that    delightful phrase?
Very likely the same asshole who
stands dead center of that painting.
Dead center.
                      Dead center.
Right where he was supposed to be.

Back in the Fall of 1967,
Canadian actor Wayne Maunder
was hired to portray
a character of infamy
in a prime time television show
   called        “Custer”.

And I as a child was mesmerized.
And I as an adult remain    mesmerized.
You see,
because George Armstrong Custer
   was portrayed as a hero.
Long-haired hippy Custer circa late Sixties
had his finger on all the issues of the day.
“Let’s sit around the camp-fire,
pass a well-packed peace pipe.
Yo Yo Yo, lite that thing up.
George.        Yellow Hair.
Whassup wit dat bogart, dude?”

So you had actor Fess Parker
   as Daniel Boone
and Wayne Maunder
   as Custer.
Both upstanding righteous guys.
Righteous.      Righteous Hell.
In that TV show,
Custer was friends with Crazy Horse.
They hung out.
Smoke a bowl or two.
Passed that bottle of Mad Dog
   without wiping off the lip.
Yea, a TV show’s rewrite of history
that surely brought
   a rancid rise of vomit
      to the entire Lakota Nation.

But there as a child,
standing beneath Custer’s Last Stand
   at the Little Big Horn,
I didn’t see the racism.
Held no comprehension
of the decades of genocide
that led those Lakota braves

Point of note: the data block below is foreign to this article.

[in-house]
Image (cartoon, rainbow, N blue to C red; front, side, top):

to their final moment of payback.
And where that painting was
supposed to project the final moments
of one of America’s greatest heros,
for me it was no more than a still frame
   from a damn good snuff film.
Well… snuff painting perhaps.
Indeed, I as a child got to re-enact
Custer’s brutal death over and over again.
And my memory of this     pleases me.

As a youth, I suppose I
took the side of the Native American
   a little too often.
The “Noble   Savage.”
And just what   does that   mean?
Are we to assume that the Lakota,
or the Cherokee,
or the Mohawk, the Apache,
or any of the other
original indigenous nations
ever considered the term “Noble Savage”
   as endearing?

Osama Bin Ladin dies
and a nation of Americans
bust out their doors,
look up to the sky and
do a little victory dance.
George Armstrong Custer dies
and a nation of other Americans
   do exactly the same.
Noble Americans.
Mobile Americans.
Third-World Americans
force marched and
sequestered away in their
Third-World isolation.

As that same child,
a trip with my father
once took us in proximity
to an Indian reservation.
Descendents of those same warriors
who counted coup on Custer.
Those noble Indians
standing proud beneath their
regal war bonnets.

I wanted to see that.
I expressed so to my father,
and with a glint in his eye,
he agreed to take me to them.
Diverging from our course,
my father steered us